Because more recent Super Bowl data is more helpful than that of 30 or 40 years ago, only the past 15 Super Bowls (1999 season and onward) will be taken into account when looking at pass-rush splits between Super-Bowl-winning teams and Super-Bowl-losing teams. As the graph above shows, only five Super Bowl Champions ran the ball more often than they passed: the 2000 Baltimore Ravens, 2002 Tampa Bay Buccaneers, 2005 Pittsburgh Steelers, 2006 Indianapolis Colts and 2013 Seattle Seahawks. Of those five teams, none ran the ball more than 59% of the time in their respective games, and only one ran on more than 55% of its offensive snaps. The fact that two-thirds of the past 15 Super Bowl Champions passed more than they ran seems to dispel the idea that teams must have a strong run game in order to win an NFL title.

What about the losing teams? Again, looking at the past 15 Super Bowls, of the losing teams, none ran the ball more than they passed. The 1999 Tennessee Titans came the closest, rushing on 49% of their plays from scrimmage. The 2002 Oakland Raiders threw more often than any other Super Bowl loser of the past 15 years (on 82% of snaps).

It is true that, in some of these cases, this heavy favoring of the passing game came as a result of the losing team being down for a good part of the game, which would result in a higher percentage of pass attempts. However, eight of the past 15 Super Bowls were decided by one possession. A ninth was decided by two possessions, but only because of a late pick-six by the trailing team. The fact that the majority of these games have been so close sheds doubt on the idea that passing numbers were boosted by trailing teams. There are certainly instances of this happening — the 2000 New York Giants, 2002 Oakland Raiders and 2013 Denver Broncos — but the majority of losing teams were very much in their games until the end.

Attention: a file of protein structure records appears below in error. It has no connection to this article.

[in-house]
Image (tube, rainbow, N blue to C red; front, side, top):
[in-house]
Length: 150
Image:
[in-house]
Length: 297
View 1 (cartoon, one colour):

In addition, some of the losing teams — especially the 2009 Indianapolis Colts and 2011 New England Patriots — featured strong passing offenses with little to offer in the running game. Could this lack of a rushing presence have contributed to the teams’ Super Bowl losses? Definitely. However, because the NFL has become a pass-first league, using a run-first approach may not have done much for the losing teams anyway. They may simply have been outmatched regardless.

The problem that arises when comparing Super Bowl winners and losers in this way is the fact that this ongoing pass-first trend means almost all Super Bowl teams – at least in the past 15 years – pass more than they run. Of the past 30 Super Bowl participants, only five ran more often than they passed, a measly 17%. This realization is one of the reasons why these statistics are inconclusive, regardless of how interesting they may be.

In the end, it may not be possible to determine a Super Bowl winner ahead of time, just by looking at stats from previous games – especially when all Super Bowl teams pass as often as they do – but doing so can still provide insight into the NFL’s most-important game. When watching this Sunday’s game, keep an eye out for which team runs the ball more; which team passes from the get-go; and which team has to play catch-up. And remember that run-first offense does not automatically lead to victory, even in the Super Bowl.

Article and graphics both by Joshua K. Connelly,
Super Bowl pass-rush splits provided by Pro Football Reference